Personalization Is the New Automation

Automation may be great for a lot of things, and that may be the way the world is moving, but when it comes to dining, people do not want to be served by robots. There was a time, not too long ago, that the trend favored efficiency. In event planning, it wasn’t uncommon to set up an entire event without ever speaking to a person. It was all “click this box for chicken or this one for fish.” And for a while, people seemed to like it that way, but then there was a mass realization that the result just wasn’t as good.

Now, personalization and high-touch service are what guests are looking for, and the best results will come when you work closely with your customers. No matter what the budget is, you should leave them feeling as if they’re getting the bespoke experience of their dreams.

Dirty French in New York is a venue that does this particularly well. For example, I love their carpaccio, but it’s an appetizer and not a main. If I’m hosting an event there, and that’s what I want as my main, then they’ll make that happen. In fact, they might built an entire menu around the carpaccio. That makes me happy, and I’ll spread the word.

In an industry where loyalty is king and word-of-mouth is queen, a consultative and interactive dialogue with a customer can build a long and fruitful relationship.

Customer Relationships and Technology Will Lead the Way

A common thread throughout these trends is understanding what customers are looking for, and using technology to make that happen. Understanding who your customer is, what your customer wants, and the best way to deliver it will help to create an experience that is beneficial for all. Though technology is lagging in the hospitality department, customer demand will boost its adoption in the coming year and spread it across the industry to help increase private dining offerings that are personalized, and birth new alliances between unlikely partners. 2018, we’re excited for what you’ll be bringing to the table.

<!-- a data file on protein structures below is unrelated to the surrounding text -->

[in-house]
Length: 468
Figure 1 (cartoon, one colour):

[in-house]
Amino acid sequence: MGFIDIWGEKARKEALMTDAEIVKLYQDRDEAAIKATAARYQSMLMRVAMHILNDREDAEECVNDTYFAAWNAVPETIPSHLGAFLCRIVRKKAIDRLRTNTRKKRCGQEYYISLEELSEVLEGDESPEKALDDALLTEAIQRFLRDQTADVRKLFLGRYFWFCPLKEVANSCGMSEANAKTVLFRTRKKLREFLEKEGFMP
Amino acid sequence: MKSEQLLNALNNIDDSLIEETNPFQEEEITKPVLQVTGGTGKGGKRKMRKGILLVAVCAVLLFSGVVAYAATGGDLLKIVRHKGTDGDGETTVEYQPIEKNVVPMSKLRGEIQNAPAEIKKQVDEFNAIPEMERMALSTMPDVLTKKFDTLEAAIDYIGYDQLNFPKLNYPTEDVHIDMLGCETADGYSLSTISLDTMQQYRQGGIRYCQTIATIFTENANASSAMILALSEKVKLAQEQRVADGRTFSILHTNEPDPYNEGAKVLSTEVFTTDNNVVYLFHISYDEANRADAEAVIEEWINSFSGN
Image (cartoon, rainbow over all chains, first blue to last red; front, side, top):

About the Author

Jonathan Morse is the CEO and founder of Tripleseat, a web application for restaurants, hotels and unique venues, used by more than 35,000 event managers and restaurant owners. Tripleseat helps these businesses increase their event bookings and streamlines the planning process. It is the first web-based system created by restaurant event planners for restaurant event planners. Morse has been involved in the restaurant and hotel business for more than 30 years, with roles ranging from a busboy and line cook at Massachusetts restaurants, to floor manager at Backbay Restaurant Group, to New England regional sales manager for Starwood Hotels. Before starting Tripleseat, Morse was a vice president of sales for a web start-up that delivered business intelligence reporting to the restaurant industry. For more information, visit tripleseat.com.